Remote Working When Possible

About 60-70 million Americans will work from home during the coronavirus outbreak. Remote working is nothing new. In fact, over the last 10 years, it has grown by 91% in the U.S. People working remotely in light of the current pandemic are doing so to keep themselves and others safe and to reduce the risk of spreading the virus. 

Many healthcare jobs require a physical presence, so the option to work from home isn’t typically there for doctors, nurses, and other clinical staff. But the more healthcare professionals who can work from home, the better. If a healthcare worker can effectively work remotely, they’ll reduce exposure and help to flatten the curve while staying safe, themselves. There are plenty of healthcare careers that allow for remote work: 

  • Nurse practitioners
  • Pharmacists
  • Dieticians

Doctors and nurses can also offer some remote work, thanks to advancements in telehealth technology that can allow them to speak with patients over the phone or through a video conference. 

Remote working has many benefits, including flexibility and less stress. It also has several challenges, especially in the healthcare field. It’s important to avoid distractions, set specific working hours for yourself, and find a healthy work-life balance when your work and your home are one and the same.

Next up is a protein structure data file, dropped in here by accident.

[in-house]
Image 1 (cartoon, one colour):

The Problem With Pre-Existing Conditions

From the start, this virus has greatly impacted people with pre-existing conditions. Certain conditions can make it harder to fight off the coronavirus, including: 

  • High blood pressure
  • Heart disease
  • Diabetes
  • Active cancer
  • Kidney disease
  • Lung diseases

The death rate for those with no pre-existing conditions is just 0.9%. Those with cardiovascular disease have a 13.2% death rate, and those with a chronic respiratory disease have a death rate of 8.0%. 

Healthcare workers aren’t immune to these conditions. Workers with respiratory conditions like asthma or those who are currently on medication for asthma could have a harder time fighting off the disease. Those on steroids for chronic illnesses are also at a greater risk of struggling with the virus, and may even be more susceptible to catching it in the first place. Like any other American worker who is immunocompromised or at a heightened risk of contracting COVID-19, healthcare workers need to understand their own limitations if they have an underlying condition. 

Thanks to long shifts, staff shortages, supply shortages, and new cases being diagnosed each day, the frontlines of the healthcare industry are a scary and overwhelming place to be in these uncertain times. It’s important for every worker in the medical field to take proper precautions to protect themselves, their co-workers, and their patients as the spread of this virus continues to shock the world. If more healthcare workers become ill or die, the need will become even greater, which can contribute to a vicious cycle that no one wants to have to think about for the future.

Image Credit: Unsplash